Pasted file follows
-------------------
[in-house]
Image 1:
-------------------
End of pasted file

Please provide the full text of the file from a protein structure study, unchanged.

[in-house]
Image 1: